Moreover, in this study, owing to the low vector titers (1 × 107 infectious units/ml) we were unable to proceed with transductions at MOIs higher than 60. Therefore, it is possible that improvements in vector production procedures, alterations in the vector constructs in terms of different genes as targets or even pseudotyping with alternative envelope glycoproteins may aid in the manufacturing of high-titer viral supernatants in the future that would allow us to proceed to transduction at more elevated MOIs and assess whether brucellae may be completely cleared from the host macrophages.


In summary, this is the first report of such a therapeutic approach and the results produced here may be further consolidated after administration of the vectors in animal models of brucellosis in the future. However, our data in total can be helpful not only towards promoting a holistic sanitation of livestock, but also towards advancing the modernization of the agricultural economy, as well as the protection of the breeders’ income. Finally, this study may prove critical for the treatment of human brucellosis and provide the basis for the implementation of gene therapy for other infectious diseases as well.


Ovine macrophages and bacteria

Ovine macrophages were obtained by culturing the mononuclear cell fraction of sheep peripheral blood after ficoll density gradient centrifugation [29]. Brucella melitensis 16 M strain (ATCC 23456) was purchased from Culture Collections Public Health England (Salisbury, United Kingdom). Brucellae were cultured as previously described [30]. Briefly, Brucella master seed was obtained by aerobically culturing purchased bacteria both on Brucella agar (Oxoid, Hampshire, United Kingdom) and Columbia agar sheep blood plates (Oxoid, Hampshire, United Kingdom) for 3 days at 37ο C. Vials containing 1 × 108 CFU/ml B.melitensis in brain heart broth (Oxoid, Hampshire, United Kingdom) with 15% glycerol (Sigma-Aldrich, St. Louis, MO, USA) were screened for contamination and stored at -80o C. Brucella working seed was prepared by spreading bacteria from the master seed vial on Columbia agar sheep blood plates. Vials of working seed were prepared following the same protocol for the master seed.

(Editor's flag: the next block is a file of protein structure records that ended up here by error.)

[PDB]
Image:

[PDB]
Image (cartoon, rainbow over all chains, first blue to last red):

To infect macrophages at particular MOI, 10-fold serial dilutions of freshly cultured bacteria were plated on Columbia agar sheep blood plates and CFUs were determined after 3 days to estimate bacterial concentrations per ml. MOI was controlled by titration of the bacteria utilizing a suspension turbidity detector (Liophichem, Teramo, Italy).

Lentiviral vector production and titration

The construct of the reporter, GFP-encoding lentiviral vector containing the human phosphoglycerate kinase (PGK) promoter and the 1.2-kb cHS4 insulator inserted in the deleted region of U3, has been previously published [35]. The novel CRISPR/Cas9 lentiviral vectors were constructed with standard cloning procedures [36], by utilizing guide RNAs for the targeted suppression of the B.melitensis virB10 and rpolA genes. The plasmid utilized in both vectors (lentiCRISPR v2, Addgene, Cambridge, MA, USA), contained two expression cassettes; hSpCas9 and the chimeric guide RNA. The vectors were digested with BsmBI, and a pair of annealed oligos was cloned into the sgRNA scaffold. The oligos were designed based on ~ 20-bp long target site sequences, from the B.melitensis virB10 and rpolA genes, and were flanked on the 3′ end by a 3-bp NGG protospacer adjacent motif (PAM) sequence. The expression of the target sequences was driven by a universal U6 promoter. The sequence for virB10 gene is from Brucella melitensis 16 M chromosome II, complete sequence, GenBank: AE008918.1, position: 33406–34,203 and the sequence for rpolA is from Brucella melitensis 16 M chromosome I, complete sequence, GenBank: Genbank Accession No: CP007763.1 from position 656,835–657,848.